Home' Trinidad and Tobago Guardian : April 7th 2015 Contents A28
body & soul
Guardian www.guardian.co.tt Tuesday, April 7, 2015
Sweaty people around the world may one day
sing the praises of scientists at the University of
These researchers in England have made a ground-
breaking genetic discovery about bacteria called
Never heard of Staphylococcus hominis? They are
closer to you right now than you might imagine.
They are some of the bacteria that live in your
underarm microbiome. There are more of these tiny
little guys living under your arm than there are humans
living on this planet.
They make body odor smell less than pleasant by
breaking down naturally secreted molecules that are
in sweat. That s why scientists are chasing the holy
grail of hygiene.
The scientists---Daniel Bawdon and Gavin Thomas
of York, along with Gordon James and Diana Cox of
Unilever, which makes personal care products---pre-
sented their research this week at the Society for
General Microbiology s annual conference in Birm-
ingham, England. What they found literally (but not
"This is the first time the active molecular pathway
for this particular form of body odor has been under-
stood," Bawdon said. "We ve never known any specific
details about how they do this."
They ve identified the genes encoding the proteins
responsible for producing free thioalcohols, an impor-
tant component of what makes people stinky when
they sweat. It s part of the reason unwashed gym
clothes smell worse on a second day. These bacteria
have had a longer time to lunch on sweat and produce
One gene the researchers found was not just in
Staphylococcus hominis, but also in two other Staphy-
lococcus species that produce thioalcohols.
It turns out you only need a tiny number of these
bacteria to create an "extremely smelly amount" of
this odour, often described as having an oniony smell
or the smell of rotten eggs, according to Bawdon.
"Most of the (bacteria) don t produce this and only
a certain limited number of species seem to create
this biochemical reaction," Bawdon explained. "We
really don t fully understand why this happens."
But researchers may now know what path to travel
to stop this chemical process from happening. You
can bet that s why a food and personal care product
company, Unilever, joined the British government to
help fund the program.
Currently deodorants and antiperspirants can either
stop you from sweating temporarily, mask the smell
with other fragrances, or eliminate some of the odor
by nonselectively killing your underarm friends. A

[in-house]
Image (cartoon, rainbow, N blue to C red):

product that could target thioalcohol production could
be more effective.
Most products can only keep you smelling fresh
for about 12 to 24 hours, according to George Preti,
an organic chemist at the Monell Center who made
national news in 1990 for discovering the chemical
that produced the odor.
He said the research behind the new findings is
really solid and does advance this sweaty science,
but stopping body odor is still a long way away.
"Even if they could stop this process from hap-
pening, it would need to meet a rigorous standard
for approval to be used on your skin," Preti said. He
holds more than a dozen patents related to deodorants
and related products.
Until this science has a product application, you ll
have to stick with the products that are currently on
the market, or turn to Botox, which can control sweat.
Or you could always consider an armpit trans-
Not a new armpit---just a transplant of the bacteria
that live there.
The procedure was pioneered by Chris Callewaert,
who calls himself "Dr Armpit" and works as a scientist
at Ghent University in Belgium.
He thinks this new research could help put the
science on the right path. But until we get there, he
has been experimenting with armpit biome transplants.
He discussed it at length in a TEDx talk last year.
Good hygiene helps only so much. Your genes can
also play a big role in how good or bad you smell.
In fact some people, no matter how much they shower,
still smell bad. Callewaert has found these individuals
have a larger amount of "bad" bacteria. (cnn.com)
New research could take
the stink out of body odour
The sweaty smell is
caused by bacteria
living in the armpits.
YOUR DAILY HEALTH
News and Advice
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